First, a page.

Scaling up

Demand for the programme has been remarkable given the stigma usually associated with participation in psychotherapy programmes, particularly around sexual violence. There has been a three-fold increase in those wishing to participate since the programme began in 2015. Frances Hill, ‘Local Songs with a Global Voice: Resilience through Music Therapy in Eastern Congo’, Elhra blog ( songs-with-a-global-voice/). Based on this evident demand the programme has been scaled up, and is now working in a hospital in Mulamba, a rural area one and a half hours from Bukavu. Standard Operating Procedures (SOPs) and an easy-to-use manual were developed based on experience in Bukavu and Mulamba to enable other organisations to ‘franchise’ the Healing in Harmony model. In partnership with World Vision DRC the first affiliate site, at Beni, was launched in September 2018, though insecurity and the presence of Ebola made this challenging. In March 2019 another affiliate site was launched in Conakry in Guinea, this time in partnership with the Mukwege Foundation. There are also plans to launch sites in Uganda and South Africa in July 2019 with more potential DRC sites in August 2019.

Recognising the cultural context

Throughout the scaling process and adaptation of the model, it has been important to identify and articulate the cultural nuances in each area, in particular by drawing on local expertise. Without this local touchstone it would have been easy to miss material cultural differences between the various sites. For example, from a local perspective Bukavu is considered a very metropolitan area, where multiple cultures co-exist and people are more exposed to the modern world. Residents also face more standard life pressures, such as having to find the money for store-bought food, rent and school fees. The issues surrounding an individual or community’s trauma are diverse as people tend to migrate to Bukavu as refugees from different areas, and a variety of reasons might have caused the trauma. In contrast, rural areas in DRC such as Mulamba and Beni are active conflict zones, where various rebel groups are a direct source of stress and resulting trauma. People in these areas are trying to protect themselves physically, while growing food and gathering water to sustain themselves and their families.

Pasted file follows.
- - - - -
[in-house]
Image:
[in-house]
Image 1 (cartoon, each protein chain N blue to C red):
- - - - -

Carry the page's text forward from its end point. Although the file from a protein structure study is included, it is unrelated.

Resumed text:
There are also material differences in the cultural view of the family. For example, communities in rural DRC are heavily patriarchal; women are viewed more as servants than equals and are expected to care for the family. They are rarely afforded the luxury of medicine or medical intervention to treat illnesses, which can make their trauma more pronounced and endemic. The ways in which a community manages trauma can also differ between a relatively safe area such as Bukavu and areas of conflict, where recently deceased bodies are routinely left in the open for everyone to see and homes are regularly burned down in violent attacks.

Articulating these subtle but profound differences is critical to the successful adoption of the Healing in Harmony model as it expands into different contexts and works with different partners. The model needs to be flexible, robust and dynamic enough to respond to different problems in different communities driving the trauma the programme is designed to heal. The key to this challenge is to fully understand the issues that the environment presents, and to let groups themselves present the problems at hand. From there, techniques within the Healing in Harmony framework can be adjusted. We are not aiming to dictate to a community specifically what it needs to be healed from, but rather to create an environment and space where the community can inform us of their needs.